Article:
When I started my learning project, the plan was to alternate posts between learning how to learn and learning more about data science.
A data review would show I’ve focused too much on the former and not enough on the latter. The data-driven conclusion? It’s time to shift the balance.
As I’ve worked in a new role the last 6 months focusing on marketing analytics, I’ve drawn heavily on my academic background. There’s economics with its emphasis on statistics and communications management with its reliance on research.
My professional experience is key, too. Leading an employee engagement survey strategy for several years and conducting corporate communications surveys has helped tremendously.
It’s fascinating how many parallels exist between seemingly disparate areas. And problem solving and team leadership are often similar from function to function.
One of the skills I’ve needed to sharpen is thinking critically about data measurements. I’m learning to ask better questions. And I’m learning to anticipate questions from colleagues on how data was collected and analyzed.
Harvard Business Review is a valuable resource in generating good questions – from branding to market insights and from big data to the customer experience.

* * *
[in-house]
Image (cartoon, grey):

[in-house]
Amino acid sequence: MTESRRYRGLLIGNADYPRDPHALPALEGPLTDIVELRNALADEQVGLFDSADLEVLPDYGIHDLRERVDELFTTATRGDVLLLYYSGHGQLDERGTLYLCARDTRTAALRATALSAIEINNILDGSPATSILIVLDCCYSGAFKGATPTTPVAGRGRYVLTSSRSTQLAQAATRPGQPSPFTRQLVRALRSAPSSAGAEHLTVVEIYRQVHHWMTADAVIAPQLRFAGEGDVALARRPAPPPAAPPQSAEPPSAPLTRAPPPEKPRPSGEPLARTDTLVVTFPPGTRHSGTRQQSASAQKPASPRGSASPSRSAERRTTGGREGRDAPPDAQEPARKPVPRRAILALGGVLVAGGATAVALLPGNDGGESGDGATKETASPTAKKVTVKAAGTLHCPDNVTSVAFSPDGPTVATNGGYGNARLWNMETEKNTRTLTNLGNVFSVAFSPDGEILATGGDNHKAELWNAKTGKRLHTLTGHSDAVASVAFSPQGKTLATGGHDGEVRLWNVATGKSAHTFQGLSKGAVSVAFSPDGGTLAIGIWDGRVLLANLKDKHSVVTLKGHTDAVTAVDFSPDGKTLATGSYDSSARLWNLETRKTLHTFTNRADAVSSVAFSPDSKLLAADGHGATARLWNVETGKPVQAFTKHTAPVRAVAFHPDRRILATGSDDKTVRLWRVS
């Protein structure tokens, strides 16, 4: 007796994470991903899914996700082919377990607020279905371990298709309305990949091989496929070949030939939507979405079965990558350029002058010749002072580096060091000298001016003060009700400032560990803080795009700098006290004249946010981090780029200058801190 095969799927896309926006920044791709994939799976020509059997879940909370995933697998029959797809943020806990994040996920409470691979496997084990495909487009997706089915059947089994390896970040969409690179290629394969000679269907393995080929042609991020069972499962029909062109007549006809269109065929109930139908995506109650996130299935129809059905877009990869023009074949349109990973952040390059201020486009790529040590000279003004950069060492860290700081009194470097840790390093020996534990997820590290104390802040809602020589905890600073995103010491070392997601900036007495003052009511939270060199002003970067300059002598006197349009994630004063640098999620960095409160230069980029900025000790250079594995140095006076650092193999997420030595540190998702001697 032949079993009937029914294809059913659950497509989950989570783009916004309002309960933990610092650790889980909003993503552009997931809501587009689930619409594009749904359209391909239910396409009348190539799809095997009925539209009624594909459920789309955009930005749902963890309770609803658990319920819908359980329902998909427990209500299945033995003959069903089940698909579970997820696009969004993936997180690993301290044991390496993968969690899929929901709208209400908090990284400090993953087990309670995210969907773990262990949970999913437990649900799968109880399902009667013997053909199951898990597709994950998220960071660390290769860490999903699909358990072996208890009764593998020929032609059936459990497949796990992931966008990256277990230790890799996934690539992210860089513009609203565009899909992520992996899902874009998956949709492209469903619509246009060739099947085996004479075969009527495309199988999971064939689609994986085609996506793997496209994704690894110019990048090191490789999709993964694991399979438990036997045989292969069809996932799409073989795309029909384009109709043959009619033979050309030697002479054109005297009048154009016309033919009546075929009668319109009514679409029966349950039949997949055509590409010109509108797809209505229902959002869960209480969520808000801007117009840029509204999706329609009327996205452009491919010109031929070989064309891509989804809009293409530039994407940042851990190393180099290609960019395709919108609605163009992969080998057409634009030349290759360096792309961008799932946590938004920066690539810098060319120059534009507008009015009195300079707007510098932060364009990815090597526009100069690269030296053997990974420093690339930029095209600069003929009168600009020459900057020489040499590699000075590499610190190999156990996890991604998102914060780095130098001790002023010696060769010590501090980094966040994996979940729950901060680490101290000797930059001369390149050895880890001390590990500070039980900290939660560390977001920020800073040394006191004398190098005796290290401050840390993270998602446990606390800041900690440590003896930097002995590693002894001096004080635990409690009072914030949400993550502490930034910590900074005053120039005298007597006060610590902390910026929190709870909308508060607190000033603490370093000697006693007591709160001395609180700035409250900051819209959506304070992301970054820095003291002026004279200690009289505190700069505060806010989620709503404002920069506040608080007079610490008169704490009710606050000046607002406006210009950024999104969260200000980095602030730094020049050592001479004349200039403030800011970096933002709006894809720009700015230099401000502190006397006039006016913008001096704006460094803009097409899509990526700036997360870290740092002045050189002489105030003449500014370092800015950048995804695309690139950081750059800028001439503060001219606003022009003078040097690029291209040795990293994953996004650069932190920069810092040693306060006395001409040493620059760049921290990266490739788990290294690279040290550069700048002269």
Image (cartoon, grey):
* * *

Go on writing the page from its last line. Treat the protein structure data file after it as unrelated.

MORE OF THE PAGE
A March 2016 article by Thomas C. Redman – 4 Steps to Thinking Critically About Data Measurements – gives great tips on asking good questions about data. Here’s a short summary:
- How does the actual measurement line up with what you want to know? Ask yourself if the measures are good surrogates for what you really want to know. Redman advises to “distinguish ‘pretty close’ from ‘a good-enough indicator’ to ‘not what I had in mind.'” If you’re settling for something less than perfect, you should be aware of it.
- What do you want to know? Clarify what you want to know. This is similar to asking, “what problem are we trying to solve?” It’s also important to make sure all stakeholders are aligned on the exact nature and outcomes of the measurement process.
- What are weaknesses in the measurement process? Here Redman advises a thorough understanding of the entire data collection process. He suggests listening to customer calls if you’re measuring customer complaints or going to a factory if you’re measuring factory productivity. This helps to “develop a feel for the weak links.”
- Have you subjected results to the “smell test”? If results don’t seem right to you, based on other knowledge you have, dig into them. If results come in much better or worse than expected, consider the possibility of bad measurement and investigate further.
Thank you, Thomas Redman, for a few simple litmus tests to think more critically about data.